Promoting Critical Thinking for Higher Education

Dr. Ionel Coltea

Dr. Ionel Coltea

Promoting Critical Thinking for Higher Education

The problem with standardized tests and the “Google It” mentality is that they reinforce bad intellectual habits. However, many students have not developed good critical thinking skills. A recent study showed that 52 percent of UK university admissions officers report that students have problems remembering basic facts. While this may be because of a variety of factors, the research suggests that a lack of critical thinking skills is a contributing factor. By focusing on a specific assessment, professors, and instructors can better understand what makes students think critically and develop curricular changes that promote students’ intellectual growth.

The promotion of critical thinking in higher education is a delicate task. First, educators must be committed to promoting critical thinking. They must put aside their concerns about providing mere information, which can be difficult when teaching required courses. Second, promoting critical thinking in required courses may be difficult if colleagues have an interest in achieving nominal content coverage, rather than intrinsic intellectual processes. However, the rewards for promoting critical thinking in higher education are enormous.

Third, educators must provide opportunities for students to practice their critical thinking skills. Johnathan Haidt and Greg Lukianoff’s book, “The Coddling of the American Mind,” show that universities have to provide students with opportunities to learn how to analyze arguments and make informed decisions. By being inclusive and challenging students’ confirmation biases, universities can help prevent the creation of an echo chamber. So, how can educators encourage critical thinking in students?

The obvious place to embed critical thinking is in student learning objectives. In a well-designed course, all activities and assessments will be aligned with these core learning outcomes. The action and object of these learning outcomes are calling the “core learning outcomes.” And when you want students to gain an understanding of an idea, a strong critical thinker will be able to evaluate that evidence. This will help them understand how credible sources are and whether they have an agenda.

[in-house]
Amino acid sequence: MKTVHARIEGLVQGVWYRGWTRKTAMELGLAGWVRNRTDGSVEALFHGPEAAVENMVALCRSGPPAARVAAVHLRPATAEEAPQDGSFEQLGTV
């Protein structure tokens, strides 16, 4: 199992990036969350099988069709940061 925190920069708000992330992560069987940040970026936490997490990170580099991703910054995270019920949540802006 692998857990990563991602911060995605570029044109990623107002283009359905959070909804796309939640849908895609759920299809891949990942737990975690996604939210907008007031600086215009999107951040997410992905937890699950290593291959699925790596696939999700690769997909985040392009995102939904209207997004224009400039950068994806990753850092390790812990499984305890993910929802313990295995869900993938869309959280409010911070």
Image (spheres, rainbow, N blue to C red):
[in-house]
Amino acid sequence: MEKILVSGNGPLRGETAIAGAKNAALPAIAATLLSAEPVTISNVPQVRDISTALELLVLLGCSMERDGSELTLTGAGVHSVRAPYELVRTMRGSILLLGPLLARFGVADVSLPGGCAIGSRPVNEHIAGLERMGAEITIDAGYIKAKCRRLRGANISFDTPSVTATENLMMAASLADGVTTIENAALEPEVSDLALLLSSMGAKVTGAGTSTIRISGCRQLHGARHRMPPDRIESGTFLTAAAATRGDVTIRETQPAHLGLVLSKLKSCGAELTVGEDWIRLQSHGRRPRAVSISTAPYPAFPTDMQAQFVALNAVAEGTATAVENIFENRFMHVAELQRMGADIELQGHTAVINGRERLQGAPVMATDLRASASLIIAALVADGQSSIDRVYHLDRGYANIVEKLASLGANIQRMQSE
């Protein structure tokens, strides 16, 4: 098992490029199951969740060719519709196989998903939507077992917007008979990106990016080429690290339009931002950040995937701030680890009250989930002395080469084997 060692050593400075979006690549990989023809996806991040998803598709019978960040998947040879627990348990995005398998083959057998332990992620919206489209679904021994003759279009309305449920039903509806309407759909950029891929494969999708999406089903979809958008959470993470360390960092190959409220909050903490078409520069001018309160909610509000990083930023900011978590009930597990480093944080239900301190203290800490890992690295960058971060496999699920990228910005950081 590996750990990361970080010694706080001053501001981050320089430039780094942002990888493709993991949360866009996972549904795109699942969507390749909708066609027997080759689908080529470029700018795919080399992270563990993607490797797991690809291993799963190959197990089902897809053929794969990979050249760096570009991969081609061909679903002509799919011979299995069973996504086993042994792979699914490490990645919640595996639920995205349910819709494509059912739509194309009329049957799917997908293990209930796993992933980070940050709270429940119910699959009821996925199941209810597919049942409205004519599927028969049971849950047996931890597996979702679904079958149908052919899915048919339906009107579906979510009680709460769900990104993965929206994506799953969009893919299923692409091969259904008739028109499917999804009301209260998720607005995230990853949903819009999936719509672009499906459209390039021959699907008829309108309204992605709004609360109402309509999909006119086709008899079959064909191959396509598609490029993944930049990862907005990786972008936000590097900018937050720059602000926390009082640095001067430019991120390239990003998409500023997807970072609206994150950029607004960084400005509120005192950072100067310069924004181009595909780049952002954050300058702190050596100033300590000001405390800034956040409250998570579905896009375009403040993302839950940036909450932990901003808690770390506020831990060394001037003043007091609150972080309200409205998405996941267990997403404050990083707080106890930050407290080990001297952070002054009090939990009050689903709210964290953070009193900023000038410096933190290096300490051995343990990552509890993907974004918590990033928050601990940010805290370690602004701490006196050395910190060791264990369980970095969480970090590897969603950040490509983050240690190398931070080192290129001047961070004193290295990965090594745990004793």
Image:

Another key feature of critical thinking for higher education is the ability to identify false and misleading information. As the number of false reports increases, the quality of information spreads by students is crucial. In this day and age, students often listen to their peers and share misinformation without questioning their sources. By cultivating critical thinking skills, colleges will better prepare their students to avoid the “confirmation bias” trap. So, it is essential for educators to guide students and make sure they are able to recognize when information is bogus.

To develop good critical thinking skills, students need to develop a deep and comprehensive knowledge of the subject matter they are interested in. They should also enjoy the process of inquiry and appreciate the need to understand what they are reading. After all, critical thinking skills are not just applicable in a specific subject area; they can be applied across a variety of domains. And if you’re a student in higher education, you might have a hard time judging the validity of information presented in textbooks and online articles.

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